Book Sales: How Does Discounting Work? - article

An element of the publishing process that you need to figure out early on is discounting. Discounting should not be mistaken with sales prices, although it does affect a retailer’s ability to offer such prices. Discounting is, instead, the amount off the retail price that you as the publisher are willing to give to a wholesaler or a retailer who carries your book.

Depending on your business model it will most likely be counterproductive for a small publisher to be the only source for new consumers to buy your product.

That's why distribution systems are set up. Publishers set the price they want the book to sell for, then offer it to the wholesalers and retailers at a discount. They then sell it to their customer base.

Successful publishers do this with multiple partners in multiple markets to ensure that their books are available for purchase wherever a potential reader may be.

As an author what you need to take from this complex process is that to get your book on store shelves, or anywhere else for that matter, you're going to have to share your pie.

If you're self-publishing, then you'll have to determine the level at which you're willing to discount before any distribution takes place.

What is the typical discount?

You can choose a wholesale discount anywhere from 20% on up. Even though ranges can vary, typical book wholesale discounts fall into one of four percentages: 20%, 40%, 50% and 55%.1

The breakdown for these percentages is as follows:

55% everybody can afford to carry your book.
50% is the standard 'trade discount'.
40% the popular chain store are happy to carry the book but independents might not have enough profit left to make it worth it.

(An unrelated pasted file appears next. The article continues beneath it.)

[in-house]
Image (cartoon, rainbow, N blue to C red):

20% no stores will likely carry the physical book and your main focus will have to be strictly online sales.

Your discount price allows those retailers who have agreed to carry your book the ability to offer sales prices when needed. Even though you may not want to see your work discounted, it is a sale enticing technique that is regularly applied. For this reason most retailers require the ability to discount.

But, don't worry the sales price won't impact your profits as the discount comes out of the margin left in the retailer's profits. This is why allowing discounting is smart business. Only if you have a publishing agreement with a publisher who makes a special “discounted” sale beyond their normal range will the author’s royalties be reduced. But again that's only if you have a contract.

So what happens when you refuse to discount?

That's simple, no one will carry your book because there’s no profit in it. So think about those that you want to work with and make sure they’re taken care of and they'll in turn take care of you.

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